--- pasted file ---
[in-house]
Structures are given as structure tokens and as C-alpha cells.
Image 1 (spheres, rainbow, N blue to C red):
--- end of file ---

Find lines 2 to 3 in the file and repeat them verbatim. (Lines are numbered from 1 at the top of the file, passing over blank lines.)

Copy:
Structures are given as structure tokens and as C-alpha cells.
Image 1 (spheres, rainbow, N blue to C red):